Depression in Seniors: Why the Holidays Can Be Hard

DURING THE HOLIDAYS, our thoughts may gravitate to memories of our youth, growing up and time spent with family and friends. But as often happens when we age, family members and friends pass away. Loved ones move far away because of family and job obligations. Some people transition out of the homes where they spent decades of their lives, in order to make living arrangements that meet their growing care needs.

Sometimes this means moving in with family, but not always – older persons may not be able to follow their families from place to place because of physical limitations or their financial situation. Feelings of isolation and loneliness can take hold, especially during the holidays, a time that in the past was filled with activities and traditions with family and friends.

It’s natural to feel nostalgic, and it’s normal for people to feel sad when they think about the past and good times they had with others who are now far away or have passed away. Though these emotions may be difficult at times to view and address, we have to accept that they’re natural.  more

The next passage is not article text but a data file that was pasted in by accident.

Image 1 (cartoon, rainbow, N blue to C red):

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5 Things Movies Don’t Tell You About Mental Institutions

Everyone knows that mental hospitals are horror movie prisons for crazy people, with padded walls, flickering lights, and evil nurses wearing tiny hats. Well, everyone might want to get their head checked, because psychiatric hospitals are nowhere near as exciting as all that. Most look more like college dorms with extra locks on the doors. I should know: I’ve been in six psychiatric facilities in three states, from the fancy McLean Hospital (aka the Girl, Interrupted place) to crappier state-run facilities. I’ve been diagnosed and misdiagnosed with everything from major depressive disorder to borderline personality disorder to schizophrenia. But I’m better now, and I swear that all this shit is true.  more

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